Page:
"I said, 'What if we just show up?' and he says, 'You probably won't get in," Simpson told CNN. Later that night, Blanco cleared legal hurdles that would have allowed local officials to accept the help, but no one ever got back to Simpson.
"I'm very frustrated, trying to figure out what went wrong in that process," Simpson said.
The White House has suggested that Gov. Blanco also failed to call early enough for the federal help she needed. The governor's office says that before, during and after the storm, Blanco's message to the president was consistent. (Watch the video on political defensive moves -- 1:56)
"The governor genuinely felt at that time she had asked for help," press secretary Denise Bottcher said, "She said, 'We need your help. We need everything you've got.'"
Blanco lashed out at FEMA Tuesday for what she said was a "lack of urgency and lack of respect" involving the recovery of bodies of Hurricane Katrina victims.
Blanco said she ordered the state to sign a contract with Kenyon International Monday after Chertoff failed to live up to renew the private disaster recovery firm's contract. The company has been recovering bodies in New Orleans.
Kenyon worked for the Australian government to identify the remains of tourists killed during the December tsunami, and the company handled the remains of plane passengers who crashed into a Pennsylvania field during the September 11 attacks.
Kenyon told the state that if they didn't get a contract soon, they would be forced to leave as soon as they professionally could.
"In death, as in life, our people deserve more respect than they have received," Blanco said.
Nagin, whose desperate plea for help in the days after the storm made him a folk hero to some, faces criticism for turning away resources that could have moved more people out of the city faster.
The mayor's disaster plan called for mobilizing buses and evacuating the poor, but he did not get it done. He said he could not find drivers, but Amtrak says it offered help and was turned down, so a train with 900 seats rolled away empty a day and a half before the storm. (Watch the video detailing the failed evacuation plan -- 2:11)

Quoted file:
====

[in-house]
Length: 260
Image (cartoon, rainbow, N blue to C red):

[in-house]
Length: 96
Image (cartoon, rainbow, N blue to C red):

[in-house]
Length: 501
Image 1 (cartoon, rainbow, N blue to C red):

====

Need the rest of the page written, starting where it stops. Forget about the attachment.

"One of the problems that we're facing at the federal level and at the state level and at the local level -- and again, not casting blame anywhere, is a total systemwide failure, because people making decisions hesitated," Senate Majority Leader Bill Frist, a Republican from Tennessee, told CNN.
Louisiana Sen. David Vitter, a Republican, said he initially was impressed by how quickly federal authorities mobilized before the storm. But after it hit, nothing happened for days.
"There was absolutely no execution," Vitter told CNN.
"I was very happy with how quickly the president had signed his first emergency order," he said. "The FEMA director was on the ground before the storm. FEMA teams were on the ground. But then Monday, Tuesday, Wednesday, absolutely no execution. I don't know what they were doing."
The accusations and the public outrage make federal, state and local leaders jittery and defensive. They know that just a few days ago Brown's job appeared to be safe.
Vitter believes the time will come soon enough to answer the hard questions.
"I don't have a doubt in the world that all of these questions are going to be asked in a very forceful, focused way," he said. "So there are a lot of folks, myself included, just as a citizen of Louisiana, who are going to demand straight answers and get the full story, wherever that leads."
He said that the blame does not rest solely with Brown.
"This wasn't a failure of one person, although it was that also," Vitter told CNN. "It was a failure of the whole bureaucracy, and the solution to that isn't getting a new head bureaucrat or a new type of head bureaucrat. I think the whole bureaucratic FEMA model is what has to be probably discarded. "
CNN's Tom Foreman, Mike M. Ahlers and Anderson Cooper contributed to this report.